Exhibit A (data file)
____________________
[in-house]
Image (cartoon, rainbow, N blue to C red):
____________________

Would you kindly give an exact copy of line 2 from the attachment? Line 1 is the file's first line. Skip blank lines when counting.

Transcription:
Image (cartoon, rainbow, N blue to C red):